(Topic ID: 115622)

Scarybeard Pinball

By scarybeard

4 years ago

Topic Stats

  • 20 posts
  • 8 Pinsiders participating
  • Latest reply 4 years ago by scarybeard
  • Topic is favorited by 3 Pinsiders


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    layout 4.jpg

    #1 4 years ago

    hey all,

    Tiny bit of background on me. I'm a concept artist in the video Game industry, and I LOVE pinball, and have been toying with the desire to make my own pinball games in my free time. Not only because I am a huge fan of old school pinball artwork, and want to try my hand at it, but also because I am fascinated with game design in general, and pinball has a lot of interesting challenges to explore.

    I'm working on a home made pinball game. Mostly as hobby, but if I get to the point where people want to buy my hobby, that would be cool too. Anyway, I live in a 2 BR apartment so space is at a premium, and I'm using .75" balls instead of full sized pinball's. This keeps the machine smaller, and saves me space and money in general.

    The problem is, because I'm working at a smaller scale, it makes buying parts a tricky business.... Most pinball parts like flippers and bumpers are made to accommodate 1.06" balls that weigh more than the ones I'm using. I may move up to the 1" balls eventually, just so that I can open myself up to a whole world of aftermarket parts to purchase, but for right now I've been enjoying designing every part myself and building them from scratch. I'm even looking into wrapping my own solenoids.

    Bellow are some shots of my prototype pin at the moment. There are no real game functions in play right now. I don't really intend on this being a finished game ever actually. Its just a testing ground for pretty much everything I want to put into a real game eventually like switches, pop bumpers, LED's, etc... The flippers work as a manual mechanism. And I have 2 magnetically trapped balls to hit for multiball. I want to eventually install some switches in the lanes to score, (or for now, just blink lights) and I'd like to replace the curved lanes with ramps. I have been teaching myself electronics through youtube and websites (which has been daunting) because I really want to get lights and solenoids working on this thing. I included a pic of my first successful soldering job, 2 LED's on the same wire, haha! I felt like a genius.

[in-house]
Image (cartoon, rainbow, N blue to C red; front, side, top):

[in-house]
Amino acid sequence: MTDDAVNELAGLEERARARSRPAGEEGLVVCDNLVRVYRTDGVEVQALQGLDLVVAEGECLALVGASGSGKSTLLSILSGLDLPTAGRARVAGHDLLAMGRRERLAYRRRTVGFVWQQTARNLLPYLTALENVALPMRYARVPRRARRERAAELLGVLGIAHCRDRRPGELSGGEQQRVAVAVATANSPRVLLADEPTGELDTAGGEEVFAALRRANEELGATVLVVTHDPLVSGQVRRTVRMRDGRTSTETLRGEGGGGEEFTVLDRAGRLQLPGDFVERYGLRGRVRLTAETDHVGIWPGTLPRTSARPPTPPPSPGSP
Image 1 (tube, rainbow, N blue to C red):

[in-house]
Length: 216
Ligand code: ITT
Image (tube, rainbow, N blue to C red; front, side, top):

Anyway, I'll be posting progress on here as I work on it, and will most likely be asking a thousand questions of folks who know a lot more about this stuff that I do. Which brings me to my first round of questions!

    Q: I'm wanting to install some electric flippers, but Not full sized ones. My reason for not wanting full sized, is the balls aren't full sized, so they might feel awkwardly large, and I also don't want to use a full 24V (I think that's what real flippers use). I'm trying to keep to lower voltages as I don't know what I'm doing really with electronics, and I'll be a lot more comfortable dealing with a 9V or 12V power source. Plus my play field is only like 20" long, so the ball really doesn't need to get hit that hard. So I am wondering if anyone can suggest a good medium sized flipper from an existing machine I could look into buying in after market? Something bigger than the upper playfield of Shrek. I think those will be too small and weak? (anyone know off hand what the voltage is on those?)

    That said, as a follow up question, If I use a lower voltage on a full sized flipper coil will I just get weaker power out of it? Because that might be acceptable...

    You can see I'm basically a monkey in the dark with a box of tools. So any guidance is appreciated, and all mocking will be deservedly embraced.


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    #2 4 years ago
    Quoted from scarybeard:

    all mocking will be deservedly embraced.

    if you wanted to be mocked, you need to leave this part out.

    #3 4 years ago

    clever aren't I?

    #4 4 years ago

    Looks cool, I look forward to a video. What did you use to cut the wood, router or bandsaw or...?

    #5 4 years ago
    Quoted from scarybeard:

    So I am wondering if anyone can suggest a good medium sized flipper from an existing machine I could look into buying in after market?

    Safecracker flippers just became available, might fit the bill:


    #6 4 years ago

    3D Printers are the cat meow for something like this... I'm sure you could use it to design a flipper (if safecacker doesn't work)... then resin cast the final bats.

    #7 4 years ago

    Swampfire: Video delivered! (short one, just to show how the flippers work) And I was using a drill to line my cuts with holes, then going back with a hand saw to cut the shapes... It was super slow work. But I got a Jigsaw for xmas so I used that for the top orbit piece and the lower cover over the flippers.

    Aurich: Thanks! I'll probably be picking those up. I had a chance to see 'Safecracker' at the Arcade Expo in Banning yesterday and it looks to be the right size for what I'm doing. Arcade expo was nuts. Hundreds of machines on freeplay. It was awesome. picked up a bunch of rubber parts too.